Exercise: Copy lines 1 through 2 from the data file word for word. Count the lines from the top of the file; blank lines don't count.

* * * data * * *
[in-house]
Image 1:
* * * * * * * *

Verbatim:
[in-house]
Image 1: